25 Derwent  0-6-0  Stockton & Darlington Railway


Power Classification
DesignerTimothy Hackworth.
CompanyStockton & Darlington Railway
Driving Wheels4ft 0in
Boiler Pressure75lbf
Cylinders14½in x 24in
Tractive Effort6,700lbf
Valve GearGab

Derwent was built by W&A Kitching, of Darlington in 1845 at a cost of £1,140, to the design of Timothy Hackworth, for the Stockton & Darlington Railway. It was one of several engines of a class which were all produced by 1848.

Locomotive development on the Stockton & Darlington Railway under Timothy Hackworth was distinctly idiosyncratic and seemingly oblivious to the development so close by of the classic Stephensonian locomotive, ie with multi-tube boiler and front-located cylinders, and evolved as such as early as 1830. Quite remarkably S&DR 0-6-0 25 Derwent was built as late as 1845 (at the same time as GJR 2-2-2 Columbine and FR 0-4-0 No.3), combining a single return flue boiler, which of necessity was fired from the smokebox end, with its cylinders at the rear. Furthermore, there were no main frames as such, the axles were effectively individually secured to the boiler, and the wheels were of the two-part cast iron plug type, as actually pioneered on Locomotion 20 years earlier. Some engines of this general type (but not 25) were later rebuilt with multitubular boilers and were referred to as ‘firebox’ engines.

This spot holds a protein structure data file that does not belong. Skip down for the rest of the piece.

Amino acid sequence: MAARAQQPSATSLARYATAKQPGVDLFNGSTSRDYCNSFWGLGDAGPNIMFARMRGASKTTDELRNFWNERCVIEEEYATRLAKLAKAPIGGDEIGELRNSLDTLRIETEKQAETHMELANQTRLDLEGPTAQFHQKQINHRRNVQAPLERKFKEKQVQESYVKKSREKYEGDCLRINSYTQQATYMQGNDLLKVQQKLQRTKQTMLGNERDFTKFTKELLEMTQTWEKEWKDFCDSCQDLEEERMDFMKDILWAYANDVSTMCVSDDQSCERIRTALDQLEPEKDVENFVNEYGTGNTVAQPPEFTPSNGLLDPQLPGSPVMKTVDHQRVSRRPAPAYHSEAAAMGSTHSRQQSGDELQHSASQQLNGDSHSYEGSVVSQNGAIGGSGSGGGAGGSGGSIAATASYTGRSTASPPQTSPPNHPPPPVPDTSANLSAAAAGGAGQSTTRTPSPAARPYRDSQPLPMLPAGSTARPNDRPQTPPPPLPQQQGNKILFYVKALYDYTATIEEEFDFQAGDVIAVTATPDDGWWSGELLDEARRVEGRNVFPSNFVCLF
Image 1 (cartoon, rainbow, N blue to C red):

Derwent built by Hackworth in 1845
Columbine introduced on the Grand Junction Railway in 1845
Coppernob Number 3 introduced in 1846 on the Furness Railway

It was purchased in 1868 by Messrs Peace & Partners of Darlington for use on Pease-owned West Collieries lines near Crook. In 1898 they presented the engine to the North Eastern Railway for preservation.

It was placed on a plinth at Darlington Bank Top station Darlinton Bank Top station, where it remained, except for more secure storage during the Second World War, until 1961 when it was refurbished at Darlington Works.

It participated in the Stockton & Darlington Railway centenary celebrations in 1925.

The shell of another very similar engine (Bradyll) which was built ten years before Derwent was withdrawn from service in 1875 and improvised as a snow plough at Hetton Colliery. It remained in this form until the late 1940s and is now preserved in this condition.

Derwent is now on display at the Darlington Railway Centre and Museum, located in the same building as Darlington’s North Road station. It is on long-term loan from the National Railway Museum as it forms part of the National Collection.

Home BaseCurrent StatusOwner
Head of Steam Museum, DarlingtonOn static displayNational Railway Museum NRM Object Number{1978-7012}
Derwent at Darlington Station – July 1972
Derwent at Darlington Bank Top Station - August 1975.jpg
Derwent at Darlington Bank Top Station – August 1975

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